Wallace skater enjoying success; competing at world championships in Los Angeles
TRURO - Frustrated and dejected, John Mattatall and his figure skating pairs partner Mylene Brodeur were ready to call it quits.
This time last year the Wallace native and his partner were fresh off a seventh-place finish at the Canadian figure skating championships and a season which fell far short of their goals.
"I was 25 at the time and thought 'well it was fun, but maybe it's time to get on with life,'" Mattatall said from Ste. Leonard, Que. where he lives and trains.
It's a good thing they stuck with it.
The pair is now in the thick of their deepest season ever and will compete at the International Skating Union (ISU) world championships at Staples Centre in Los Angeles March 22 to 29.
"To come back with a season like this is incredible," Mattatall said.
The pair qualified for the world event with a bronze-medal finish at the 2009 national championships in Saskatoon in mid-January behind the Quebec pairs of Bryce Davison and Jessica Dube (first) and Craig Buntin and Meagan Duhamel (second).
The pair arrives in Los Angeles Saturday and has two days of practice before hitting the ice for the pairs short program on Tuesday. They will then compete in the long program Wednesday, followed by a few days of sightseeing before returning home March 28.
The season has renewed their enthusiasm and with two months to prepare, Mattatall and Brodeur feel they're at the top of their game.
"Training has gone really well and our program is as good as we can ask," Mattatall said. "We've done our homework and prepared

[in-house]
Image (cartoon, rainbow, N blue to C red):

The pair started skating together in 2006 and now seem to be coming into their own, something judges have been noticing and which has been a significant factor in their strong season.
Their skating skills are now being complimented by the development of their personal style, which judges have been giving them increased marks for at competitions.
"We've kind of developed more of our own style and getting higher and higher marks for it," Mattatall said. "We're really in sync now and more like a pairs team."
Truro and Tatamagouche Figure Skating Club coach Annette Hiltz, who coached Mattatall as a youngster in Tatamagouche and still speaks regularly with him, said she isn't surprised the two skaters stuck with it.
"No, not at all," Hiltz said. "Deep inside he and Mylene still felt there was a lot they could do. They just needed a mental break.
"He's not a quitter. I think they were disappointed things didn't turn out like they wanted but that's sports. You just have to pick yourself up and dust yourself off and keep going."
Hiltz said Mattatall's no-quit attitude has taken him a long way in the sport.
"He has a great work ethic," she said. "I can't say anything bad about him. He's amazing."
Now, Mattatall is about to take the ice in the most important, and toughest, competition he's ever skated in. The world event is even tougher than the Olympics in the fact that teams with skaters from different countries can compete together. At the Olympics, pairs skaters must be of the same nationality to compete together.
"The Olympics is the pinnacle but as for the strength and depth of the field, worlds is definitely as big as it gets," Mattatall said.